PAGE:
Josh Cooper, top US security field agent, is sent on an inter-agency assignment to London, when a partner in his firm goes missing in suspicious circumstances. Used to working in sole charge of his well-honed team, he clashes heads with the handsome, but pompous Cal, his UK co-operator and superior. Josh’s gut tells him something is wrong. He’s being kept out of the loop and Cal’s agenda is running on a different path.

He also has a personal issue to deal with. He’s involved in a cyber-relationship with “Charlie”, an unknown man who connected with Josh by accident. Their banter has led to deeper respect and a sexual interest, but now Josh is faced with a growing attraction to Cal. Between this conflict and the tension of the mission, Josh’s heart and head are overworked and confused. Things can’t get much worse.

Then Josh discovers the enemies he’s seeking have a new target: him.

And if you like Morning My Angel, book two in the series is now out, Goodnight My Angel.


The message popped up as soon as Josh Cooper logged on.

“Morning Angel.”

Josh blew the message a kiss and typed a greeting in return.

“Morning Charlie. Need coffee.”

Any further communication would have to wait until Josh found caffeine. After two years Charlie knew Josh wasn’t in the mood to talk until his blood stream was eighty per cent caffeine.

Of course, Josh wasn’t really Angel and Charlie was… whoever he was… but if they wanted to greet each other like relics from a seventies TV show then it was no one’s business but their own. Their relationship—if IM could be called a relationship—had started two weeks after Josh began at CDR, when CDR053 had messaged Josh by mistake. When he wouldn’t give his name, Josh had dubbed the mysterious stranger Charlie. The minute Charlie had called Josh his angel; Josh knew Charlie was sent by his goddess, Farrah Fawcett, to brighten his existence. But he didn’t hear from Charlie every day. Sometimes weeks would go by without a word but, when he’d log on and receive a “Morning Angel”, Josh would send up a thanks to Farrah for making his day golden.

Josh blew one more kiss at the computer even though Charlie couldn’t see it, and wandered off to find life-saving coffee. It was just after nine in the morning and he was about to drink cup number four, which would elevate him from zombie to almost human. He was unashamedly addicted and if he encountered one of those ‘green tea plucked from the Himalayas only on a full moon in a month beginning with Z’ types he wouldn’t apologize for what came out of his mouth. He liked his coffee black and strong, just like his… dog. Josh didn’t have a dog either.

Whenever he said that people would smirk at him and he’d smirk back. He didn’t care what they thought he was going to say. Josh didn’t give a fuck if his men were black, white, built or tiny. When a guy tried it on, Josh stabbed a finger in his chest. “If you think picking me up and banging me against a wall is a sign of a real man you can think again. ‘Sides, I can probably put you on the floor before you lay on finger on me.” And then he would demonstrate. Josh was a show-not-tell man, and the guys who picked themselves up and ran away weren’t worth his time of day. Enough of them dusted off their butt and stayed to make the demonstration worthwhile.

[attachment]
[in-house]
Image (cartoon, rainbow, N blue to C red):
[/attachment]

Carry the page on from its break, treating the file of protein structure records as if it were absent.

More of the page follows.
Josh filled his mug with fresh brewed coffee, took a huge swallow, topped off the mug again and returned to his desk at a leisurely pace, waving to the receptionist as he rounded the corner. She blew him a crimson lip-sticked kiss and he caught it, slapped it to his ass and grinned as she giggled. He sat at his desk, pleased to see the cursor still flashing, and typed a quick “Back again.”

“Been caught by Dominic yet?”

“Not yet.” Josh had slid past the operations manager’s office in the hope of being undetected. He couldn’t cope with Dominic Cook prior to being caffeinated. Charlie found Josh’s fractious relationship with Dominic endlessly amusing. Josh had another word—many words— for their working relationship. Amusing wasn’t one of them.

“Did you hide from him?”

Josh pulled a face at the screen. Charlie knew him far too well. “It’s too early to deal with him.”



It was all right for Charlie to fling random accusations around when he didn’t work for Dominic. Josh wasn’t entirely sure what Charlie did for CDR and Charlie was annoyingly closed-mouthed.

CDR, named after its founder, Callum David Ross, provided security for anyone who needed it; whether they were celebrities, big companies, or wealthy individuals who could afford CDR’s resources.

Two years ago, Josh had been head-hunted from his former company after he saved one of CDR’s high profile clients from an assassination attempt. Josh always maintained he was just in the wrong place at the right time but, after a cutting interview with Dominic which felt like he’d had the close hairs shaved off his balls; Josh was employed as part of a field team dealing with low profile but high risk clients. The rest of his team were currently two floors up in the gym beating the living shit out of each other. They were the muscle; Josh was the brains. At least in theory. Josh didn’t want to test it out. He had a feeling both men were more than capable of beating him in both brains and brawn.